Source: Stages of Life; Public Domain http://commons.wikimedia.org/wiki/File:Stages_of_Life_by_Bartholomeus_Anglicus_1486.jpg
Hello, class. So today we're going to be talking about some important themes and some key terms in biological development when we're talking about developmental psychology. So the first one we're going to talk about is a biological predisposition. What this means is, it's a presumed hereditary readiness, or preparedness, for humans to learn certain skills, or to behave in a certain kind of way.
Let me give you an example. Babies, when they're born, have certain behaviors that are almost programmed into them that they do innately, without any kind of learning. For example, if you brush their lips then they'll start to suck. And when you touch their hands or their feet, they actually start to grasp, or they move their fingers.
These are certain behaviors that are sort of pre-programmed into people that help them to survive in certain ways. So the sucking obviously helps them together to get food if they want milk, and the grasping is supposedly a sort of leftover behavior from when we were primates and we had to grasp the trees, or things like that. That's sort of the idea.
But there are other sorts of mental or cognitive abilities that are also pre-programmed, or we're predisposed towards. For example, in language. And again, this is something we'll cover when we talk about linguistic development.
But language, according to Noam Chomsky, is a pre-organized, or predisposed, ability of people. He says that each person has a language acquisition device built into their brains, OK? And this allows people to learn language more easily or more efficiently. We're essentially beings that must use language. So we must have something in our brain that allows us to do that.
There are a lot of developmental theories that are also built on this idea of predisposition. Any kind of theory that has a sort of step that goes along with it, like Erikson or Piaget's theories, essentially is saying that we have some kind of biological basis which says that each person goes along with these steps. Again, biological predisposition towards these things.
The next two terms that we're going to talk about complement each other. You see, they go along with the previous one. The first one is maturation or maturity, which is the developmental process of growth, both mentally as well as physical. So this is a sort of sequence that we go through throughout life.
So we start at a certain stage where we're able to do certain sorts of things as a child, or as a baby, and then we slowly get to develop. We go from crawling up to walking and finally running and being able to do more complex physical abilities. So this physical growth. And this sort of goes along with a lot of psychological development. Again, those theories that we talked about, like Piaget and Erikson, right?
So along with this physical development, we have a corresponding mental or psychological development. And in fact, they influence each other in certain ways. So for example, when we're developing those motor skills-- the ability to hold things and to manipulate them with our hands-- there's also a similar cognitive development that's going along with that.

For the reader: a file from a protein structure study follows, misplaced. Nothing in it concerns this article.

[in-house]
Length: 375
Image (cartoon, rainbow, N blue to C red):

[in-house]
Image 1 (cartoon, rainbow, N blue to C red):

So along with the ability to move those things, we're growing and becoming more complex cognitively to understand that. So they influence each other in different ways. The way they were able to think influences the way that we manipulate things, because we can think about new and different ways to use those objects. And in turn, the ability to manipulate those things allows for more complex ideas and thought, OK? So they feed back on each other.
Going along with that idea of maturation, we've got the idea of readiness as well, which is a condition when we're maturing that we reach an advanced enough or sufficient enough level to allow for the acquisition of a certain skill. So once we get to a certain maturation, then we're able to acquire a certain ability, mental or physical.
An example of this might be with toilet training. As you know, when a child's born, or even when they reach one, one and a half years of age, they're not sufficiently ready to be able to toilet train. It takes some time and some development of their cognitive and physical abilities to get to that point.
The important thing with readiness to remember is that if you try to learn something too early-- in other words, if you don't have the sufficient abilities or skills to acquire that certain thing-- then you're likely to fail. So this is really helpful in a lot of learning theories as well, because we need to know when a child is prepared enough to understand or to be able to learn something, especially with abstract concepts, things that they might not be able to understand at a younger age. So we like to know at what developmental level can they acquire certain knowledge, abilities, or skills.